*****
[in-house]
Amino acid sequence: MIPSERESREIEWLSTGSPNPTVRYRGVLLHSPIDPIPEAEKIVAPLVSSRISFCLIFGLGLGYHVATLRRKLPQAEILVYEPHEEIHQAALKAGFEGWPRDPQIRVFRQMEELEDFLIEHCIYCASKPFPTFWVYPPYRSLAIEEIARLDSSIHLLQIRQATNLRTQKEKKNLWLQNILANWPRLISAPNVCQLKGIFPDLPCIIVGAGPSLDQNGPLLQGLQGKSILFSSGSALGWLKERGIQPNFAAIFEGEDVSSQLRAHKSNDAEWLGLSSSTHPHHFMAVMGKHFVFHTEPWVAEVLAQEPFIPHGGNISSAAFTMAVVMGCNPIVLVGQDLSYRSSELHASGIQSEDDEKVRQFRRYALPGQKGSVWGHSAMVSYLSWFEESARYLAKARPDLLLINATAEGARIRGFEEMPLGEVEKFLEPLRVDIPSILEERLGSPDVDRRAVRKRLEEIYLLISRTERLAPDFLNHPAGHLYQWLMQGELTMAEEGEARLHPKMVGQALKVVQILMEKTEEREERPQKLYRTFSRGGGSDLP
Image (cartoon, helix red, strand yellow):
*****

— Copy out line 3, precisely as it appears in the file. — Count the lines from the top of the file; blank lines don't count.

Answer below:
Image (cartoon, helix red, strand yellow):